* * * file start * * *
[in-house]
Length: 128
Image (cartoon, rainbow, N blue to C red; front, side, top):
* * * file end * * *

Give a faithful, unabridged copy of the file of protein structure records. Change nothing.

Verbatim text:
[in-house]
Length: 128
Image (cartoon, rainbow, N blue to C red; front, side, top):